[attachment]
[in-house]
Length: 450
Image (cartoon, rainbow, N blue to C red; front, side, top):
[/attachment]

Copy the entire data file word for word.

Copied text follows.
[in-house]
Length: 450
Image (cartoon, rainbow, N blue to C red; front, side, top):